“The closing years of the reign of Henry VIII afford a most perplexing spectacle of confusion in religious affairs—Catholic and Protestant sympathizers among nobles and prelates intriguing and counter-intriguing at the Council-board; Catholic priests saying mass in one part of a church, while Protestant zealots were loudly reading the Scriptures in another; Catholics and Protestants dragged to Smithfield on the same hurdles, the first to be hanged for treason, the other to be burned for heresy. The Protestants of Bucks would hear at one time of a martyrdom on their own borders, when three Windsor men, Peerson, Filmer, and Testwood, were burned just below the Castle. A few weeks later they would hear how their accusers had been made to ride round the streets of Windsor, with their faces to the horses’ tails, and papers on their heads charging them with perjury, and then had had to stand in the pillory. In the same year (1543) Jacob Mallet, a canon of Windsor, and formerly master of the hospital at High Wycombe, was executed for treason. The charge against him was that, speaking of the dissolution of the abbeys, he had said, ‘The King hath brought his hogs to a fine market!’ The Act of the Six Articles was considerably modified in 1546, and again in 1547. But on the other hand Henry complained that ‘that most precious jewel, the Word of God, was disputed, rhymed, sung, and jangled in every ale house and tavern…’ and therefore he withdrew the liberty of Bible-reading from every one ‘under the degree of a gentleman,’ and prohibited Tyndale’s and Coverdale’s versions. This reign of confusion and compromise lasted till Henry’s death in 1547.”— William Henry Summers, The Lollards of the Chiltern Hills: Glimpses of English Dissent in the Middle Ages (via goneril-and-regan)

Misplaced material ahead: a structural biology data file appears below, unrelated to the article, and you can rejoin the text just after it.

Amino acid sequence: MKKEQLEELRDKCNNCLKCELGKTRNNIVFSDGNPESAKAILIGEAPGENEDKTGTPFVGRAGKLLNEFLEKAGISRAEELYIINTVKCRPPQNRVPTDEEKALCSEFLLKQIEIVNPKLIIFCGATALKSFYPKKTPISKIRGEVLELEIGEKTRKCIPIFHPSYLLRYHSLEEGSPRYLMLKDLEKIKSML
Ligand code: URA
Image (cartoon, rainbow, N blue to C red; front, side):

“A Roman Catholic boy asked his priest the difference between the Dominicans and the Jesuits. The priest replied: “The Dominicans were founded to get rid of the Albigensians. The Jesuits were founded to get rid of the Lutherans.” The boy asked: “Which order is better?” “Well,” retorted the priest with a sly grin, “how many Albigensians have you met?””— Joke courtesy of Father Hollywood.
Ash Wednesday is February 13th; it is a Holy Day of Obligation for Catholics. For those who do not know Catholics put ashes on their heads as a reminder of their mortality. Upon receiving the ashes we hear the words “Remember that you are dust, and to dust you shall return.”